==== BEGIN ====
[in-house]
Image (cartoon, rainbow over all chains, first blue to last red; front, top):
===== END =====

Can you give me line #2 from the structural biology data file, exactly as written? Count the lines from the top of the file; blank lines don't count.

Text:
Image (cartoon, rainbow over all chains, first blue to last red; front, top):